[MUD-Dev] Tabletop RPGs and Inspiration (was: no subject)

Sean K sean at hoth.ffwd.cx
Tue Nov 20 13:45:10 CET 2001

On Fri, 16 Nov 2001, Brian 'Psychochild' Green wrote:
> "Koster, Raph" wrote:
>> Is it just me, or is tabletop RPGing basically dead? A corpse
>> shambling along without any significant audience growth in a
>> decade, low revenues (does an AD&D CRPG make more than the AD&D
>> books do? I have no idea, but it wouldn't surprise me), and a
>> terminally geeky image, and what's worse carried in part by
>> another industry that is also teetering on bankruptcy, the comic
>> shop.

> One of the problems with tabletop RPGs is that they're a
> self-defeating market. You need a good imagination to play RPGs in
> the first place.  If I have such an imagination, why do I have to
> buy the newest book filled with foozles, or even the next version
> of the game?  For example, I have lots of 2nd edition D&D books,
> why should I fork out more money for 3rd edition books when I can
> use 90% of my 2nd edition stuff with little effort?

In the case of D&D, my argument would be "because the 3rd edition
rules are just plain better than the earlier rules."  I wouldn't
consider it too much expense to drop $40 on the new handbook and
dmg, and any older modules or rules or whatever can always be
converted to the d20 system with a bit of work.

> Anyway, that industry has changed to adapt.  Tabletop RPGs gave
> way to collectable card games (CCGs) just as wargames gave way to
> the RPGs.  (I believe the more modern name for CCGs is now
> "trading card games", or TCGs.)  CCGs basically addressed what
> people wanted; a quick game with interesting rules, yet something
> that could spark their imagination. Games like Magic: The
> Gathering had much of the depth of a fleshed out RPG world.

And the marketing strategy of Magic and similar games was to get
players to spend as much money as possible by continually releasing
sets of more powerful cards, rendering previous killer cards
obsolete.  Pokemon and some of the more recent games IMO fully
justify the term "collectible card-game" as the card-collecting
aspect is easily as important as actually playing the game.  Also,
it should be clear that there is no role-playing with CCG's, though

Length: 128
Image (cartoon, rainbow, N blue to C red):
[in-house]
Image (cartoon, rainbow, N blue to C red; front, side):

I agree that they've taken a huge chunk of the p&p market.

> What does this mean for us tabletop RPG fans?  Not much.  Sure,
> it's tough to get new blood into the hobby, but there are enough
> of us out there that we can possibly find each other.  My 2nd
> ed. AD&D books don't need a server to run.  Plus, after attending
> GenCon the past few years, it seems that there's enough of a
> following and enough gaming geeks are bringing along their
> children that I think we've just hit a lull.

IMO games like Neverwinter Nights will be a huge boon to RPG fans.
In many places, it's difficult to find a group of people to play
with.  The internet obviates that need.  Sure it isn't the same, but
with NWN it'll be getting a few orders of magnitude better.

> Referring to the original post, however, I think that trying to
> make an online version of the table RPG experience is just silly.
> Most of us have as vivid memories of the people and places we
> played as in the games themselves.  While I certainly loved my
> dwarven berzerker in the campaign I played in college, I also
> remember the hyperactive red-headed GM that loved warm, flat
> Mountain Dew walking along the tables in the college common room.
> (I kid you not!)  You lose almost all of this other sensory input
> when you move it to the online medium.  The lesson here is: do
> your game in the right medium.

Of course.  Sitting in front of the computer will never re-create
the atmosphere of a p&p session, but that doesn't make it not worth
trying.  I'm looking forward to NWN as much as a programmer as I am
as a gamer.

> For example, I've finally gotten around to reading the Harry
> Potter books (actually, listening to the audio books).  (Yeah,
> yeah, I know. I'm a trend-setter, eh?  Only several years too
> late.)  Anyway, the books really got me thinking about things.
> No, not "wow, a Harry Potter online game would be a cash cow!"
> But rather, how things are presented.  One thing the books do is
> present magic in a way that's both strange and wonderous, yet
> vaguely familiar.  It gave me reason to consider how you could use
> something similar to introduce magic in a game.

Harry Potter doesn't break any new ground.  It relies on all the
classic archetypes.  However the books are very very well-written.
I love them, and I know I would have loved them even more as a
child.  I'll refrain from an analysis, however :)

> While I think there is a danger in clinging to the past blindly
> ("Tabletop RPGs can sell well to a mass market!  We just need to
> develop the right one!"), I think there is similar danger in
> becoming too blind to where we are going.  I can't count the
> number of times people lamented the death of imagination right
> before CCGs were introduced. People looked at slumping RPG sales
> and reasoned that society was doomed to be stupid.  Of course,
> these same people decried CCGs as "stupid entertainment", a pale
> shadow of the great amount of imagination that RPGs require!  Some
> people felt their hobby was too threatened to see CCGs for the
> intresting games they were.

I don't see CCG's as the salvation of role-playing, but neither do I
think the genre is very bad off.  TSR released a new version of the
D&D rules after nothing for like 10 years, and CRPG's are exploding
in popularity.  And, despite what some others say, I think CRPG's
*are* an entry to p&p gaming.


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